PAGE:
Birds of Long Island New York

25 Beautiful Birds of Long Island (New York)

Long Island has a high population density in Southeastern New York state. It has played a vital role in the bird’s ecosystem balance by controlling the insect population, dispersing seeds, and pollinating plants.

From ancient times to the present, this long island of New York state has been home to over 200 different avian species. It is famous for both migration and breeding and also for bird residence.

This article will discuss 25 beautiful Long Island, New York state birds, along with their scientific names, sizes, native places, wingspans, lifespans, food, and other facts about them.

So, let’s delve into the Long Island birds.

25 Beautiful Birds of Long Island (New York)

Long Island has been playing a significant role by balancing the ecosystems of the avian species through nature.

Because of its immense richness and sources, it has become one of the most common and popular places for birds to visit.

This section will discuss the top 25 birds of Long Island, including their scientific names, sizes, native places, lifespans, wingspans, diets, and other attributes like physical characteristics, behavior, distribution, habitats, and so on.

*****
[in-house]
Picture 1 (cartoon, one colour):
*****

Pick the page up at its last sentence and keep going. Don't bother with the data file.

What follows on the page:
1. Northern Cardinal 

Northern Cardinal 
  • Scientific name: Cardinalis cardinalis 
  • Lifespan: around 15 years
  • Wingspan: 25–31 cm (9.8–12.2 in)
  • Native to: Southeastern Canada, Eastern United States 
  • Size: around 21 to 23 cm
  • Food or Diet: seeds, grains, fruits, snails, oats, grasshoppers, etc.

Northern cardinals, red birds or common cardinals, are spotted in the Long Islands of New York City.

Besides, these northern cardinals are widely distributed throughout the United States, including Florida, Canada, New Mexico, Texas, Guatemala, and Bermuda.

Their whole body is covered with red plumage with a red crest on the top head. Their face is black around the eyes and nose area, and they have bright red beaks.